NASA Says: Please Don’t Touch Our Stuff When You Go to the Moon

 

NASA Rover Diagram A chart detailing what not to touch up there. NASA

NASA Rover Diagram A chart detailing what not to touch up there. NASA

Dear intrepid lunar explorers: NASA politely asks that, when you travel to the moon, you refrain from messing with the American flag.

Google’s Lunar X Prize promises $20 million to whoever’s first to get a privately funded robot to the moon. But the folks at NASA don’t want any of the stuff they left up there getting messed up in the process, so they’ve offered a few handy guidelines for what to stay away from while you’re up there. (We’re looking at you, non-autonomous moon robots.)

The 93-page document, originally released in July but reasserted yesterday, reads like a user’s manual for private space shuttles, and contains a spectacular amount of both tech-talk and legalese.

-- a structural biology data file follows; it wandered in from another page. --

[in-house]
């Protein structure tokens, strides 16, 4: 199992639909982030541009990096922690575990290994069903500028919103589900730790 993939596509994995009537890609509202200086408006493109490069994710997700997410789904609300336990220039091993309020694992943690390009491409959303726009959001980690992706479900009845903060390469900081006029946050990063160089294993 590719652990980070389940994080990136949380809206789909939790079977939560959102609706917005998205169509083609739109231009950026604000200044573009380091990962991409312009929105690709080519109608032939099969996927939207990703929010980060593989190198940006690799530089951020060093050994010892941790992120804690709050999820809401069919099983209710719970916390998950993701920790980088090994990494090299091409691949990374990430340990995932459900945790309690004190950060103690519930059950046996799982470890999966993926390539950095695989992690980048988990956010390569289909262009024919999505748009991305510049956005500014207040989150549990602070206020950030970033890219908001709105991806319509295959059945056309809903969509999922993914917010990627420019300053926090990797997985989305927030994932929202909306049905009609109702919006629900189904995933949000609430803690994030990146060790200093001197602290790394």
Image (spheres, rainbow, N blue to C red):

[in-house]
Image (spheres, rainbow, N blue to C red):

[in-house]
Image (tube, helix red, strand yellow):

But it boils down to: “Don’t land in our craters and we won’t land in yours; mostly don’t land in ours.”

“Please.” Because there’s a big disclaimer about how explorers aren’t bound by interplanetary moon law to listen to their requests. It’s a big, crater-filled Wild West out there, but the document still covers everything from guidelines for landing to low-altitude fly-bys of Apollo sites.

How necessary is this request? Probably at least a little necessary.

It’s safe to predict that more and more non-government entities are going to be making their way to the moon, as private travel becomes easier. And those are unique, historic golf balls up there.

[via Layer 8]

By Colin Lecher

Source: Popsci



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